Developing a more compact urban region through intensification and densification has been a fundamental and recurring theme in the body of research produced by the Neptis Foundation over the last 10 years. The Toronto-related Region Futures Study, undertaken for Neptis by the IBI Group and Metropole Consultants in 2002, describes the beneficial impact of increased intensification compared to business-as-usual greenfield growth. The research showed that directing growth to existing urbanized areas in appropriate forms, quantities, and locations can help reverse the decline of transit use and decrease the amount of rural land consumed by urban development.
Four years later, The Growth Plan for the Greater Golden Horseshoe (2006), the Province of Ontario's growth plan for the Toronto region, required all municipalities to accommodate growth by first looking inward to their already-urbanized areas before considering greenfield development. This principle is formalized through a residential intensification policy and target. However, Ontario municipalities had not been tracking residential intensification in a uniform manner before the policy and target were put in place, so there were no records of just how much intensification was already occurring.
The Neptis Foundation, working with the GIS and Cartography Office of the University of Toronto, decided to fill this gap in knowledge. The first task involved developing a method for defining the urbanized area of Ontario municipalities--the area within which new residential development could be considered to be intensification rather than greenfield development. This was done using satellite imagery. Second, the number of dwellings built over a particular period inside that boundary had to be determined; census data provided this information.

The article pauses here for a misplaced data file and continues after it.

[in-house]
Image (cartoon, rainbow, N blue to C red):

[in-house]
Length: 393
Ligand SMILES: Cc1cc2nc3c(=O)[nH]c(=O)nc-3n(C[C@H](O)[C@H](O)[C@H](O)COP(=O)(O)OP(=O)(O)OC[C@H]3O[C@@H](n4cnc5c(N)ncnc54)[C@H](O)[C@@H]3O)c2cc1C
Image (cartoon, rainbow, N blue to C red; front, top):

Although the process sounds straightforward, it took several years to develop and refine this approach to measuring intensification. However, the time was well spent, since the result was a reliable way to measure this crucial factor in urban development. Moreover, because Neptis researchers used data that are publicly available to municipal staff and researchers, this way of measuring intensification can be repeated for any city where high-quality satellite imagery and fine-grained census data are available. Neptis researchers have already gone on to apply the same approach to other cities in Canada as a way of comparing their patterns of growth and evaluating the effectiveness of policies to promote intensification.
This paper describes how the Province's intensification target works both in principle and practice through an examination of historical rates of intensification and takes a closer look at the concept of defining the urbanized boundary for the purposes of implementing and measuring Ontario's intensification target. Although the research is primarily directed to Ontario municipalities that are in the process of implementing the intensification target and developing a strategy for intensification, the findings of the research will interest all planners and policy-makers who are striving to achieve more compact and sustainable development.